Dance Movement Therapy
Daylight, full of small dancing particles and the one great turning, our souls are dancing with you, without feet, they dance. Can you see them when I whisper in your ear?
Dance movement therapy is all about listening to the body’s message. As small children we express our feelings long before we learn to talk. One of the ways humans talk is through body movements. Once we begin to speak, we forget that our bodies are still in touch with feelings that are worrying, embarrassing or simply hard to talk about.
Why should I be aware of this?
This alternative therapy is known to help adults suffering from emotional problems including anxiety, depression and difficulties in terms of relationships. It can also help people suffering from Schizophrenia, manic depression disorder, anorexia and bulimia and even with drug and alcohol addiction patients.
This movement has had particularly positive results amongst children especially those with limited ability to concentrate, emotional or learning difficulties and even those who find it hard to get along with other children. Children with behavioral problems resulting from family stresses, including physical or sexual abuse and even severely mentally handicapped children and those with Autism are successfully treated. Physically disabled children, such as the blind and deaf, may also benefit from the therapy.
All about dance movement therapy?
Dance Movement therapy uses the connection between body movement and emotion in order to help us express and manage feelings too deep to recognize or even difficult to put in words. It serves as an effective non-verbal form of psychotherapy.
From earliest times, most tribal communities and indigenous people have recognized the healing power of dance but modern societies did not become aware of its relevance to modern ailments until the mid 1940’s when dancers in the United States began to develop ways of using it to help people suffering form mental health problems.
According to the oral tradition handed down through generations of Middle Eastern women, belly dancing originated as an exercise during pregnancy, which helped women prepare their abdominal muscles for labour. Even today, dance therapy movements similar to those of belly dance are used as birth rituals in some Middle Eastern and North African communities. Women gather around a friend or family member undergoing labour, and perform the undulating movements as she prepares to give birth.
What can I do?
Consulting a therapist
In many countries the evolution of dance movement therapy is within education areas and community environments rather then in the mental health sphere. Treatment can be on an individual basis or for groups. Treatment also varies according to the clients needs and the therapists personal style. People need not have any previous experience with dance or such movements to benefit from this therapy. The emphasis is always on exploring movements and expanding the scope as one discovers resources within oneself.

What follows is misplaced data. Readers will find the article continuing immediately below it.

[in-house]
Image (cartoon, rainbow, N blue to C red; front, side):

Therapists work with all kinds of people- whether they are hyper, overweight, elderly and frail. All sessions are tailored to suit individual needs.
Contribute your own themes
You can contribute your own ideas to the therapy. In fact, that is something that is actively encouraged.
Sessions normally start with a warm up period to loosen muscles. Music can be used but is not essential. Most times , a theme will usually emerge from the movements and this would be explored by the patients working either as an individual, in pairs or in a group. For example, a theme that emerges might be the way in which a person always makes movements that are fast and forceful at first but then fizzles out; or even in the way in which a group always has its members moving at arm’s length, never coming closer but neither moving further apart.
Discuss your feelings
In the start of the therapy, the therapist would probably step in, picking up the theme that patients have introduced and use that to explore problems and help find solutions. Patients are also encouraged to discuss the feelings that arises during the therapy and integrate their insights into further movements so that there is a continuous interplay between feelings, talk and movement.
Therapists who work with severely disturbed or handicapped people do not rely on words. In fact, they use body language to support the patients through the experiences of excitement, sadness, frustration and fear that are part of normal development.
Tell your problems to the therapist
Always tell the therapist at the start about any health problems such as high blood pressure, back pain etc. Communicate with your therapist at any step to be comfortable.
Though modern medical science does not completely agree with the results, most conventional practitioners do agree that there are no risks involved in dance movement therapy so long as one is with a qualified therapist. Enough research is pointing in the direction that this movement has psychological and emotional benefits.
More on Dance Movement Therapy
What can I do to help
- Belly Dancing
- Street Dance
- Exotic dance
- Pole Dancing
- Cathartic Dancing Meditation
- Expressive Therapy
- What is dance movement therapy?
- Dance-Movement Therapy Association of Australia
- Dance/Movement Therapy